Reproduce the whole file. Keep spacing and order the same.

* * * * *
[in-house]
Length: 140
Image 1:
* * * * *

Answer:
[in-house]
Length: 140
Image 1: